It's been ten years since the financial crisis, when barely regulated banks destroyed the world's economy, kicked off wars, and directly and indirectly killed millions. Read the rest

Mortgage debt back at 2008 levels

Just in time for the Dodd–Frank Wall Street Reform and Consumer Protection Act to disappear! The chart was created by Jaydub.

Data Source: https://www.federalreserve.gov/data/mortoutstand/current.htm Tools used: Microsoft Excel and Plotly

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Toronto's real estate market is imploding

Toronto is one of the many great world cities that has been rendered nearly unlivable by real-estate speculation, both from onshore investors and offshore ones. Read the rest

California ballot initiative to make state university free again by reinstating inheritance tax for millionaires

From their inception, California's state colleges and universities were free or nearly free for in-state students, but since the 1970s, the state systems have been ratcheting up tuition and originating loans that impose crippling debt on students, leading to delayed fertility, late home-ownership, reduced retirement savings, and dampening entrepreneurial risk-taking. Read the rest

Corbyn says he'll end asset-stripping hostile takeovers

Labour leader and PM-in-waiting Jeremy Corbyn has promised that when he is Prime Minister, his government will introduce regulations that ban the finance-driven, asset-stripping hostile takeovers of UK companies, in a bid to make finance the "servants of industry not the masters of us all." Read the rest

Trump's "consumer protection bureau" will let the $50B payday lending industry gouge the poorest Americans with triple-digit interest rates

The Consumer Financial Protection Bureau, founded by Elizabeth Warren prior to her career as a senator, was once the gem of the US political system, a consistently effective force for punishing finance industry wrongdoing, until Trump let Wall Street robber barons loose on it, under the direction of a lawyer who represented loan sharks before going to work for the Trump administration. Read the rest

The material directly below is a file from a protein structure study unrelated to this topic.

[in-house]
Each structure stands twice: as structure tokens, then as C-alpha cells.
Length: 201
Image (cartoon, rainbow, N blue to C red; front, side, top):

Nudging doesn't give poor people retirement savings, it just makes them poorer

Nudging -- the idea that a well-designed "choice architecture" can help people make free choices that are better than the ones they would make without the nudge -- has a few well-publicized success stories: the cafeteria where frontloading veggies and other healthful options gets kids to choose carrots over pizza; and the employer-side deduction for retirement savings that gets employees to put aside a little more to retire on (this insight rates a Nobel-adjacent prize*!). Read the rest

Modern Monetary Theory: the economic basis for expanded social spending and greater shared prosperity

The last 40 years has seen a steady rise of deficit-hawking, in which the world's postwar social safety nets are shredded because the state "can't afford" them -- think of all the times you've heard of national debt being money that "the taxpayers" will have to pay back, and misleading comparisons between sovereign governments (who print their own money) to households and businesses (who don't), as though sovereign state finance was just a scaled-up version of balancing the family check-book. Read the rest